4. Reduce heat to low, and simmer for 10 minutes, stirring frequently. Season with salt pepper. Remove from heat and set aside.
  5. Heat 1 tablespoon oil in a large heavy skillet over medium heat. Cook chicken until lightly browned, about 10 minutes.
  6. Reduce heat, and season with 1 teaspoon garam masala and cayenne.
  7. Stir in a few spoonfuls of sauce, and simmer until liquid has reduced, and chicken is no longer pink.
  8. Stir cooked chicken into sauce.
  9. Mix together cornstarch and water, then stir into the sauce. Cook for 5 to 10 minutes, or until thickened.

Monday, April 13, 2015

Pascha...the Greek way

finished loaf
after the second rise

Matt Boulos checking his 'baby'
The final moments of the roast
We were graciously invited to spend the Paschal feast with some great friends this year since we were minus our own kids and feeling a bit sad about that. The first years since I can remember that I wasn't making a Meat Festival on the grill after 40+ days of abstinence.

Lamb? well of course there was lamb, whole and grilled and delicious. I had to make a dessert and brought a Lemon Cheesecake but did a bit of research and made an authentic Greek Easter Braid called "Tsoureki".  A fine cake-like bread flavored with masticha and anise seed.
We had a grand time. Lots of kids and lots of food with a very gracious host and hostess.

From My Greek Dish, the recipe:


  • 135g butter, from cow’s milk, at room temperature (4.7 oz.)
  • 135g milk, at room temperature (4.7 oz.)
  • 200g sugar (7 oz.)
  • 4 medium eggs, at room temperature
  • 870g bread flour (30 oz.)
  • 21g dry yeast (0.7 oz.)
  • 100g lukewarm water (3.5 0z.)
  • zest of 1 orange
  • 3g ground mastic (0.11 oz.) 
  • 4g ground mahleb (0.14 oz.) I used ground Anise Seed
  • 1 egg and 1 tbsp water, for glazing the tsoureki


  1. To prepare this tsoureki recipe (Greek Easter Bread), add in a bowl the lukewarm water, a pinch of sugar and yeast and stir. Wrap well with plastic wrap and set aside for about 6-7 minutes, until the yeast rises and starts bubbling. Be careful not do add hot water, as it will kill the yeast, nor cold, as it will take forever for the Greek Easter bread to rise. The water should be at the same temperature as your finger, so check it out sticking one finger in; you should feel no difference in temperature.
  2. Use a pestle or a blender to ground the masticha and mahlepi, along with a pinch of sugar and set aside. (These aromatic spices will give Greek Easter bread its distinctive taste and amazing smell. But be careful not to add any more mastic than this tsoureki recipe calls for, as it will leave a slightly bitter taste to your Greek Easter bread.)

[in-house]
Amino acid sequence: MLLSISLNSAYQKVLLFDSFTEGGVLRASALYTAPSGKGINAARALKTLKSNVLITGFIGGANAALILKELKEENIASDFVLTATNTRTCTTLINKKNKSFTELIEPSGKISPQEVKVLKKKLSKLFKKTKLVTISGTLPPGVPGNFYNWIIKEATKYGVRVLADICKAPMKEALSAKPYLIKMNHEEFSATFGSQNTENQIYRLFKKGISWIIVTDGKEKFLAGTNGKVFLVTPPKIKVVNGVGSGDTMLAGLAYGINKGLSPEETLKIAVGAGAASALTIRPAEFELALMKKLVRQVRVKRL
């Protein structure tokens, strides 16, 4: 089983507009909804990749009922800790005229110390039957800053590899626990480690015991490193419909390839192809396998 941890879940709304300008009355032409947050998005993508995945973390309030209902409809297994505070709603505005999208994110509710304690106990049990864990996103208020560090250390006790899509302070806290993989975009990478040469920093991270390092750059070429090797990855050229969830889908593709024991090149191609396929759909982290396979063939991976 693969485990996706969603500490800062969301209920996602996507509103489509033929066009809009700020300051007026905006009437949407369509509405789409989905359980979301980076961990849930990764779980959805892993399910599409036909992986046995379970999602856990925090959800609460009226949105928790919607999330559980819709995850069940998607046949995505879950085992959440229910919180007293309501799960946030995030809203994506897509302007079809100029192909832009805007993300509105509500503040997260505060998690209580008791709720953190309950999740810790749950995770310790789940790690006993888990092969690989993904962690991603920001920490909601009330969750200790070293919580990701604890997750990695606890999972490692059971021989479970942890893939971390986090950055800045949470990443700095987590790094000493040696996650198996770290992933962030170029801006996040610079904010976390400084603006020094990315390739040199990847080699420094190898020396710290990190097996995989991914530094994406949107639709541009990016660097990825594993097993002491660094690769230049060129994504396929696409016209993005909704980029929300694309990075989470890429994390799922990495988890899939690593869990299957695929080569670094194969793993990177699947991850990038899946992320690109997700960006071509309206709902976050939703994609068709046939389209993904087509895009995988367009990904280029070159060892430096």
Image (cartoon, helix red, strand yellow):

3. In a saucepan add the butter, sugar and milk. Place over very low heat and stir the mixture, until the butter has melted and the sugar has dissolved. The key is to melt the butter at very low heat, so that the temperature doesn’t ‘kill’ the yeast. Remove the pan from the stove and check the temperature. The mixture should be at the same temperature as your finger. If it is warmer, leave to cool down for a few minutes and check again.
  4. Pour the butter mixture in a large bowl and whisk in the eggs. Add the yeast mixture and whisk to combine.
  5. In the mixer’s bowl add the flour, the ground mastic and mahlepi, orange zest and the butter-egg-yeast mixture from step 4. Using the dough hook mix at first at low speed, until the ingredients start to combine and then mix at medium-high speed for about 15 minutes, until the dough doesn’t stick on the sides of the bowl. At this point the dough should be really soft, like seen in the picture and a little sticky. (Be careful not to add any more flour than this tsoureki recipe calls for, as the dough should be really soft and not firm).
  6. Cover the dough with plastic wrap and place in a warm environment, until at least it doubles it’s size (for about 2-3 hours). If the environment is cold, preheat the oven at 30C, turn it off and place the bowl inside.
  7. Gently deflate the tsoureki dough with your hands and cut in 6 equal portions (three for each Greek Easter bread). Take one piece of the dough (do not flour the working surface!) and roll it a little bit with your hands. Hold with your hands from the edges and shake to stretch the dough into a rope. This technique will help the Greek Easter bread (tsoureki) form the characteristic stringy texture, as seen in the picture. Form the Greek Easter bread into a braid and transfer on a large baking tray layered with parchment paper. Repeat the same procedure with the second tsoureki. Let the Greek Easter bread rise for about 1 more hour at room temperature or in the oven, until it almost doubles it’s size, like seen in the picture.
  8. In a small bowl add the egg and 1 tbsp water and whisk with a fork. Brush the top of each Greek Easter bread with the egg, being careful not to deflate it, garnish with almond silvers and bake in preheated oven at 170C for about 40-50 minutes, until nicely browned and fluffy.